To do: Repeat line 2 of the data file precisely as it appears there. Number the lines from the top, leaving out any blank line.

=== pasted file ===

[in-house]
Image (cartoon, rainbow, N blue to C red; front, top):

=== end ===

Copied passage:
Image (cartoon, rainbow, N blue to C red; front, top):